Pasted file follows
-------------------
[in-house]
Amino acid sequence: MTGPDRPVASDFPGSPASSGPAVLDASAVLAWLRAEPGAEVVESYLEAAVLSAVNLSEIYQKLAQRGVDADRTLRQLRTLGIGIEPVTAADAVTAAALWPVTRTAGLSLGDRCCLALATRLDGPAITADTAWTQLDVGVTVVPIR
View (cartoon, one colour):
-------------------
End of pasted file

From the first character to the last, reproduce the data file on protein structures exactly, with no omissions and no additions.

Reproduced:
[in-house]
Amino acid sequence: MTGPDRPVASDFPGSPASSGPAVLDASAVLAWLRAEPGAEVVESYLEAAVLSAVNLSEIYQKLAQRGVDADRTLRQLRTLGIGIEPVTAADAVTAAALWPVTRTAGLSLGDRCCLALATRLDGPAITADTAWTQLDVGVTVVPIR
View (cartoon, one colour):